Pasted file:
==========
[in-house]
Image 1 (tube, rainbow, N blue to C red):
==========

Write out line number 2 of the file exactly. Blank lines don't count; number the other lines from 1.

Image 1 (tube, rainbow, N blue to C red):